Wednesday, December 23, 2009

Archimedes Bryozoan

A series Archimedes bryozoan fossils found in Crawford County, Indiana. These creatures existed in the Mississippian Period. When researching Dr. Gerard Troost, who briefly lived in New Harmony, Indiana (1825-1827), he referred to them as screwstones. His influence was noted by Indiana's first state geologist David Dale Owen (son of New Harmony founder Robert Owen) who recalled that Dr. Troost taught him that coal would not be found in layers of rock where screwstones were found.

Interesting, the name Archimedes for this fossil came from the writings of David Dale Owen who credited the name's origin to Charles-Alexandre Lesueur (French naturalist-artist) who was at New Harmony with Robert Owen, William Maclure, Thomas Say and Gerard Troost.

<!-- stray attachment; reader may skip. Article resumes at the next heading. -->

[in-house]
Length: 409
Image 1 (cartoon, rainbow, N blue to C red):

If you visit New Harmony, look at the weather vane on top of one of the original laboratory buildings. It has a blastoid and Archimedes bryozoan on it.


I read something in a scientific journal where two researchers were speculating that the Archimedes and Fenestella bryozoans might be two separate entities instead of one as shown on these next two images.  It looks to me that the bryozoan netting had attachment places on the threads of the screw shape.  So it would look like it was all part of one creature.  It is possible I read something wrong as well.

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